Mr. Paul Volcker and the Independent Inquiry Committee (IIC) released on 9 January 2005, on their website, 58 internal audit reports on the Oil-for-Food Programme (OFFP) and the UN Compensation Commission. In addition, they put out a briefing paper on the audit reports. Five of the 58 audit reports published are on UN-HABITAT operations.
UN-HABITAT welcomes the progress made so far by the Volcker Committee and eagerly awaits its interim and final reports as requested by the Secretary-General.
As observed by Mr. Volcker, UN-HABITAT is indeed the only one out of the nine implementing agencies that performed duties relating to the OFFP under the purview of the OIOS and is audited by its Internal Audit Division (IAD). UN-HABITAT's internal audits have therefore been published along with others from OIOS-audited departments. Other agencies have their own in-house oversight functions.
UN-HABITAT welcomes this development, bound to increase transparency and accountability to UN Member States and the general public. In order to provide the full context of the audits in question, UN-HABITAT wishes to point out that 4 of the 5 OIOS audits were conducted at the request of the Executive Director (appointed in September 2000). Upon her arrival at UN-HABITAT, the Executive Director, Mrs. Anna Tibaijuka, in pursuit of transparency, accountability and efficiency, adopted a policy of using audit as a management tool to guide large construction programmes being implemented by the agency in post-conflict environments as in Iraq. Such oversight is necessary in post-conflict reconstruction situations where management structures have to evolve rapidly overtime. The Executive Director requested the OIOS to be constructive and critical since the objective was to use the internal audits to improve management and efficiency of operations in difficult environments. UN-HABITAT feels that this needs to be taken into account in interpreting some of the findings of the OIOS audits now that they are in the public domain.
UN-HABITAT wishes to acknowledge and thank the management and staff of OIOS for the assistance in the implementation of its activities in Iraq and is pleased to attach a brief summary on the achievements of its programme and further clarification on the audit recommendations.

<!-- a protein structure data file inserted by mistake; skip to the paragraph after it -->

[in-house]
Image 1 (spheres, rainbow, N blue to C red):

Settlements Rehabilitation Programme in northern Iraq
The Settlements Rehabilitation Programme (SRP) carried out in the northern Iraqi Governorates of Arbil, Dahuk and Sulaimaniyah from 1997 – 2003 benefited 1,349,200 persons directly, that is one third of the region's population. The SRP completed 21,268 houses for Internally Displaced Persons (IDPs) and other vulnerable groups, 765 primary and secondary schools, 134 health centres, 905 km of water and sanitation systems, 2,940 km of roads, 34 bridges, and 225 agricultural and community facilities. These indisputable achievements were delivered in a very difficult humanitarian environment, compounded by the hostility of the Saddam Hussein regime to the Kurdish region which was outside its effective control and managed by its political opponents and local authorities.
The Auditing Context
Over the course of the SRP, UN-HABITAT received a total allocation of US$ 520 million. During that period, the Agency awarded 1,372 contracts to local contractors for a total of US$ 461 million. By November 2003, when the SRP was handed over to the Coalition Provisional Authority (CPA) in Iraq , total disbursements amounted to US$ 353 million.
Capital investment in housing represented the largest sector allocation (35%), followed by education (25%), transportation (17%), water and sanitation (14%), health (5%), and finally community facilities and agricultural support infrastructure (4%). In housing, the average cost was US$ 4,547 per house or US$ 57 per square metre. Clearly this standard in construction efficiency would be hard to beat given prevailing conditions in Northern Iraq. UN-HABITAT managed to achieve this by using local contractors and building their capacities over time. As a result a large number of low-cost houses were built and benefited IDPs and vulnerable families who in their total formed about two-thirds of the population of northern Iraq.
Given the scale of the SRP and large sums of money involved, as pointed out at the outset, UN-HABITAT recognised the need to rely on regular internal audits to encourage transparency and accountability and progressively strengthen its project management practices and efficiency. UN-HABITAT believes that this strategy worked quite well as OIOS audits did not expose any malpractice by any staff member both in the field and at headquarters, and so naturally their findings and recommendations focused on strengthening management and efficiency. UN-HABITAT welcomed and considered the advice and took steps, where necessary, to implement the actions recommended by OIOS.
The cumulative total of recommendations from the 5 Audits is 130, as illustrated by the attached Table 1 showing the status of OIOS recommendations. OIOS can confirm that only two contentious issues related to delays in the implementation of the currency fluctuation clause, and to payments to local authority officials overseeing the SRP, remained on its books as outstanding. The appropriate action taken on these two issues has since been brought to the attention of the Under-Secretary-General for the OIOS by UN-HABITAT's Executive Director for the final formal closing of the recommendations.